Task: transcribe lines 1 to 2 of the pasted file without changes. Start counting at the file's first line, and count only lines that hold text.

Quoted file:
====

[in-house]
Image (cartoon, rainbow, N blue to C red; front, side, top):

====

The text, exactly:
[in-house]
Image (cartoon, rainbow, N blue to C red; front, side, top):